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Crucible Of Gold

Otherwise entitled "Incoherent Temeraire Flailing". For I have new Temeraire! Somehow they managed to sneak out a new book without me knowing anything about it. I did vaguely know that there was one due in 2012, but I had never thought to look for it as early as March. And then suddenly my very nice American friend was asking me if I wanted to borrow his copy, as I always wait for the British version (nicer covers - these things are important). So I not only had surprise!dragons, but I also had seriously awesome dragons. This all made for a highly unproductive weekend.

But to Crucible Of Gold. This may be the best installment of this series since Black Powder War, always the gold standard of Temeraire in my opinion. In many ways of course this new book mirrors that one, with overseas travel, new and exotic characters, and fighting. It's a good template, let's be honest. So, what's all this about Temeraire, I hear you cry (or not). Well, briefly... dragons, wars, guns, swords, sailing ships, treasure, fighting, more dragons, brief attempts at diplomacy, more dragons, diplomatic dragons, more fighting, wholesale cow slaughter. Everything you need for a good story, basically (except possibly the cow thing). I got hooked on the series back when the third one came out in paperback, and I bought all three at once. Or was it four? I don't know, I have no memory. It doesn't matter. It's all good. I admit that book #6, Tongues Of Serpents, was rather a disappointment, with too little happening, and too much that just seemed pointless. No worries of Crucible Of Gold being similar though. Aerial battles! Feathered Incan dragons! Gratuitous Granby abuse! Erm, and unexpected dragon sex is unexpected. Also sharks and crocogators, a massive explosion, and where is my Temeraire mini-series please, Peter Jackson? I want it now.

So, accompanied by faithful companion Granby (and slightly less faithful companion Iskierka), Laurence (human) and Temeraire (dragon) set sail across the Pacific from Australia to Brazil, get slightly distracted en route, and wind up having adventures high in the Andes with an Incan empress and a lot of dragons. Then they press on to Brazil, and have adventures in the jungle, on a beach, in the sea, and in the town, largely with dragons. I pretty much loved every minute of it, so the wait for book #8 is now going to be infuriating. Maybe it'll sneak up on me unexpectedly, like this one did. That would be nice.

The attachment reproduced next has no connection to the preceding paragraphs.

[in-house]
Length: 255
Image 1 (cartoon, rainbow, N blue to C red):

Favourite bits... Kulingile being Kulingile; Hammond; Hammond and his unexpected dragon; Hammond and his tea - and anything involving Iskierka and Granby, basically. I can't remember the last time I became so thoroughly fond of a character in a book as I am of Captain Granby. And now he has a hook for a hand, which is somehow even cooler. Granby can't use a gun aboard Iskierka, as she's a fire-breather, and might inadvertently explodify him, so he has to have a sword instead. So now he has a sword, a hook, and a pirate dragon. I am seriously going to need a Granby and Iskierka spin-off someday, Naomi Novik, should you be chancing to read this, because really.

Loved Iskierka's plans to round up women for Granby to have children with. Not sure why she's so set on that. I think she just wants more humans. Also loved her determination to marry him off to the empress, even though (as it turns out, to nobody's great surprise) he doesn't like women in that way. I'm not sure if it says more about Granby or the readership of this series that we were all confidently expecting him to out himself sooner rather than later, and it was lovely when he did. Just as there has to be a bit in each book when Granby cheats death by a whisker, there also has to be a bit where Laurence dies of embarrassment, and this was it. Apparently Granby used a massively anachronistic term to describe himself there, which has annoyed some fans, but I confess I know little of early nineteenth century gay culture. Oddly that never came up when I studied this period in school (a shame, as my history teacher at the time was in fact gay, but there you are). Clause 28, how we don't miss you. Where was I? Oh, Laurence dying of embarrassment. When Granby's sometime boyfriend (earlier outed by Iskierka's splendid lack of tact) turned up, and Laurence then had to spend the rest of the evening pointedly not noticing anything, I was ridiculously overjoyed. Also, on a completely different note, I never knew that being beheaded by an alligator could be so funny. Gods, but that scene was wonderful. All in all, I haven't had so much fun reading a book in a long time.

More please, now. Thank you muchly.

(And perhaps more Lien next time would be nice, if at all possible. Also Tharkay. And swords).

PS: Huzzah!

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